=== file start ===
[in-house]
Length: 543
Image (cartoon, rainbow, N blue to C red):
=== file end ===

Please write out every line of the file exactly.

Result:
[in-house]
Length: 543
Image (cartoon, rainbow, N blue to C red):